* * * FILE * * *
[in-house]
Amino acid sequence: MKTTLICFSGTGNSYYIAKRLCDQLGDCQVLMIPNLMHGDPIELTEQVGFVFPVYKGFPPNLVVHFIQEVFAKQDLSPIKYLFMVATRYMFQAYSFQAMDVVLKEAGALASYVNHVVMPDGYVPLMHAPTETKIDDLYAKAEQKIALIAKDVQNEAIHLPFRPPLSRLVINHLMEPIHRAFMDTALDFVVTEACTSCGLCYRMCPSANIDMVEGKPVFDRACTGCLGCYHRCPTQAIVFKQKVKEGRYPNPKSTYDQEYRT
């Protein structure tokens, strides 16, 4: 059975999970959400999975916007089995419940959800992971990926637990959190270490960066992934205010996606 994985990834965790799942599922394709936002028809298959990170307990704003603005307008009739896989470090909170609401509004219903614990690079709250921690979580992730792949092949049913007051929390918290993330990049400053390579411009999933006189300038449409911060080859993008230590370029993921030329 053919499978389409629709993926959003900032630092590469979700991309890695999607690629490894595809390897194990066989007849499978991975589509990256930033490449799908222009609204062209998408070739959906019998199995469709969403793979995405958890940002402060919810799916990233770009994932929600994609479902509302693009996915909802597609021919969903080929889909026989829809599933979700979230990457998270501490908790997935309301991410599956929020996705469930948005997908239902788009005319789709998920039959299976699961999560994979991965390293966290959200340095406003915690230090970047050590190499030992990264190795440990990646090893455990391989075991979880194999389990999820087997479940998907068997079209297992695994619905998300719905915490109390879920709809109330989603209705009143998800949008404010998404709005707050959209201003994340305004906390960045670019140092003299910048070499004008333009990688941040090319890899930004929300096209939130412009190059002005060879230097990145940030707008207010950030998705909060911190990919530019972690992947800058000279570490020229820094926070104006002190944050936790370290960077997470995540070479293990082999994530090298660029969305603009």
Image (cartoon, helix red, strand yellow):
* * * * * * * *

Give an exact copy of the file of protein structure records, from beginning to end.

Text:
[in-house]
Amino acid sequence: MKTTLICFSGTGNSYYIAKRLCDQLGDCQVLMIPNLMHGDPIELTEQVGFVFPVYKGFPPNLVVHFIQEVFAKQDLSPIKYLFMVATRYMFQAYSFQAMDVVLKEAGALASYVNHVVMPDGYVPLMHAPTETKIDDLYAKAEQKIALIAKDVQNEAIHLPFRPPLSRLVINHLMEPIHRAFMDTALDFVVTEACTSCGLCYRMCPSANIDMVEGKPVFDRACTGCLGCYHRCPTQAIVFKQKVKEGRYPNPKSTYDQEYRT
């Protein structure tokens, strides 16, 4: 059975999970959400999975916007089995419940959800992971990926637990959190270490960066992934205010996606 994985990834965790799942599922394709936002028809298959990170307990704003603005307008009739896989470090909170609401509004219903614990690079709250921690979580992730792949092949049913007051929390918290993330990049400053390579411009999933006189300038449409911060080859993008230590370029993921030329 053919499978389409629709993926959003900032630092590469979700991309890695999607690629490894595809390897194990066989007849499978991975589509990256930033490449799908222009609204062209998408070739959906019998199995469709969403793979995405958890940002402060919810799916990233770009994932929600994609479902509302693009996915909802597609021919969903080929889909026989829809599933979700979230990457998270501490908790997935309301991410599956929020996705469930948005997908239902788009005319789709998920039959299976699961999560994979991965390293966290959200340095406003915690230090970047050590190499030992990264190795440990990646090893455990391989075991979880194999389990999820087997479940998907068997079209297992695994619905998300719905915490109390879920709809109330989603209705009143998800949008404010998404709005707050959209201003994340305004906390960045670019140092003299910048070499004008333009990688941040090319890899930004929300096209939130412009190059002005060879230097990145940030707008207010950030998705909060911190990919530019972690992947800058000279570490020229820094926070104006002190944050936790370290960077997470995540070479293990082999994530090298660029969305603009």
Image (cartoon, helix red, strand yellow):